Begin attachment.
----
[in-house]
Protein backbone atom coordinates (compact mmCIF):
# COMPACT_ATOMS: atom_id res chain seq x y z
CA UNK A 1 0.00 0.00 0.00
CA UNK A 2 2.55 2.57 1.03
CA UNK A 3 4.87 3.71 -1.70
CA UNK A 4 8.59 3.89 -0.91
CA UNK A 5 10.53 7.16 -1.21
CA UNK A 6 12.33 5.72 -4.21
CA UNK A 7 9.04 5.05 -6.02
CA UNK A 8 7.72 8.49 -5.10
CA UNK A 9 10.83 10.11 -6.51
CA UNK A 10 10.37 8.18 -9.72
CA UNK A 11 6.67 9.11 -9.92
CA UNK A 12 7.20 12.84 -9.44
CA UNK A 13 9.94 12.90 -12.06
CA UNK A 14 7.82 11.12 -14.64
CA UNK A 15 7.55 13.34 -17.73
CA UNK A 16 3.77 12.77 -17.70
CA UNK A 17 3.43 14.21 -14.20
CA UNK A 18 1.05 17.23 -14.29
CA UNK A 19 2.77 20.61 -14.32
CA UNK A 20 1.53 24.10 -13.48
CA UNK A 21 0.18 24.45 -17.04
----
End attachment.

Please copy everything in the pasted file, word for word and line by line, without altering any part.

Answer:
[in-house]
Protein backbone atom coordinates (compact mmCIF):
# COMPACT_ATOMS: atom_id res chain seq x y z
CA UNK A 1 0.00 0.00 0.00
CA UNK A 2 2.55 2.57 1.03
CA UNK A 3 4.87 3.71 -1.70
CA UNK A 4 8.59 3.89 -0.91
CA UNK A 5 10.53 7.16 -1.21
CA UNK A 6 12.33 5.72 -4.21
CA UNK A 7 9.04 5.05 -6.02
CA UNK A 8 7.72 8.49 -5.10
CA UNK A 9 10.83 10.11 -6.51
CA UNK A 10 10.37 8.18 -9.72
CA UNK A 11 6.67 9.11 -9.92
CA UNK A 12 7.20 12.84 -9.44
CA UNK A 13 9.94 12.90 -12.06
CA UNK A 14 7.82 11.12 -14.64
CA UNK A 15 7.55 13.34 -17.73
CA UNK A 16 3.77 12.77 -17.70
CA UNK A 17 3.43 14.21 -14.20
CA UNK A 18 1.05 17.23 -14.29
CA UNK A 19 2.77 20.61 -14.32
CA UNK A 20 1.53 24.10 -13.48
CA UNK A 21 0.18 24.45 -17.04